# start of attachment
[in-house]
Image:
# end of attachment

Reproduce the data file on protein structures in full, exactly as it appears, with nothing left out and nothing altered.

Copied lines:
[in-house]
Image: